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Surface geochemical survey at Starunia palaeontological site and vicinity (Carpathian region, Ukraine)

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Author(s): Henryk SECHMAN | Maciej J. KOTARBA | Marek DZIENIEWICZ

Journal: Annales Societatis Geologorum Poloniae
ISSN 0208-9068

Volume: 79;
Issue: 3;
Start page: 375;
Date: 2009;
Original page

Keywords: surface geochemical survey | stable carbon isotopes | methane origin | gaseous hydrocarbon C2-C5 origin | carbon dioxide origin | woolly rhinoceros | Starunia | Carpathian region | Ukraine

ABSTRACT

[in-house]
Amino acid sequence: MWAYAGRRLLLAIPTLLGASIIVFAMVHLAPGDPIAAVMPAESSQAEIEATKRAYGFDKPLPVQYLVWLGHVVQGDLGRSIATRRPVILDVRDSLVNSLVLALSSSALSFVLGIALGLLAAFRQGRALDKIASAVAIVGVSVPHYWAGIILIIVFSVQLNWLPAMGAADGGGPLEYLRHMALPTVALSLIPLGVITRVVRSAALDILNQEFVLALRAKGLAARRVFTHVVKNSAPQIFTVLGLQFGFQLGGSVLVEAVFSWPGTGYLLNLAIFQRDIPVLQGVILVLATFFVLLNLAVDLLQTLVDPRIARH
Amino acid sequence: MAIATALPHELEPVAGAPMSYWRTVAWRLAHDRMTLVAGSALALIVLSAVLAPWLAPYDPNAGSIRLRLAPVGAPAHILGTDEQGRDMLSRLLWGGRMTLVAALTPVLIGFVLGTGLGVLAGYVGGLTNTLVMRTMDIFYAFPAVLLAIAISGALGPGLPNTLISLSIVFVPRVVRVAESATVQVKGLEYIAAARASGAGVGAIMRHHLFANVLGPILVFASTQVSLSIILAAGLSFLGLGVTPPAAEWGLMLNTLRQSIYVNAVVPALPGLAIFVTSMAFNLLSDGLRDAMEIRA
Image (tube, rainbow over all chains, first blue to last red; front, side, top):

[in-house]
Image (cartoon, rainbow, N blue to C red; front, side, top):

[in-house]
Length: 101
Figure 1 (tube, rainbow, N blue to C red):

A surface geochemical survey was carried out in an abandoned ozokerite mine in Starunia, where remnants of a mammoth and three woolly rhinoceroses and one almost completely preserved rhinoceros carcass were found in 1907 and 1929. In total, 689 measurement sites were defined within the selected 300×350 m rectangle (ca. 10.5 ha). The analysed soil gases vary in their molecular and isotopic compositions. Several zones with anomalous methane concentrations over 10 vol% were identified in the study area. These anomalous concentrations correlate well with total C2-C5 alkane anomalies (over 1 vol%). The zones with carbon dioxide concentrations over 15 vol% are generally shifted SW of those, where the methane and the sum of C2-C5 alkanes anomalies were identified. High helium concentrations of crustal origin (over 0.001 vol%) are clustered near fault zones. In a majority of cases methane is of thermogenic origin, migrating to the near-surface zone from deep-seated accumulations. Microbial methane, or methane with a high microbial component, is genetically related to recent swamps. The high variability of concentrations of gaseous components together with the highly variable isotopic composition of individual gases in the soil, indicate their thermogenic and/or microbial origin, and point to the lithological diversity of Quaternary sediments in the study area. Several zones with thermogenic gaseous hydrocarbons and helium were delineated. It is likely that during the Pleistocene winters, under a thick ice and snow cover, the tundra lake and swamp zones around outflows of brines, oil, helium and thermogenic gases had a higher temperature, which resulted in melting and cracking of the ice cover. These sites would be more prospective for future search of well-preserved large vertebrates.
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